Yesterday was the day that Ernie and Hazel finally went in for their dental appointments at the vets after a long, stressful few months of testing and ultrasounds. Seems like a bit overkill just to get their teeth cleaned and removed but with Ernie's heart murmur and both of them showing increases in liver enzymes way above normal we wanted to make sure that they would both be safe under anesthesia.
I never know how far to take testing and I feel incredibly guilty that I didn't catch Foyle's kidney issue in time for us to treat him so now I just feel more informed if we take precautions. One of Foyle's vets did a surgery when he was a puppy without results from a blood test because their machine wasn't working and I was too ignorant at the time to question his procedure, so please don't do any surgery unless you have a full blood test done and question using any vet that would proceed without one. (This particular vet I no longer trust or go to anymore!) A healthy looking dog may not be healthy on the inside.
My sister thinks that my vet clinic "sees a sucker coming" when I come in with my dogs but I really do believe they (4 Seasons Animal Hospital) has the best team and the best facility around the bay area. There were 6 vets and technicians with each dog yesterday, their critical care team, and the ICU team were ready in case anything went wrong with Ernie's procedure.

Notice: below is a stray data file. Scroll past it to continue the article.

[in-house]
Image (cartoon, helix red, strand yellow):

You know what the worst thing about yesterday was? Signing the DNR on Ernie's form. I hesitated for over a minute because I felt like I didn't value him as much as the others by signing that, but I knew that at 15.5 years it might be the best thing for him not to suffer and for his little body to have more damage coming out than going into in. So, I cheated a bit and signed off on resuscitating him with a financial limit and the vet and I talked about it before they brought him back. It's nice to have a frank conversation so they know exactly where you are coming from emotionally and financially.
In the end Ernie had 6 teeth removed, Hazel had her fractured tooth removed, and both had a thorough dental cleaning. Moral of the story is to always, always brush your dog's teeth instead of relying on a dental chew treat to do it! You will do a better job at cleaning and you'll be able to catch any issues with their teeth or gums in time before it causes more damage.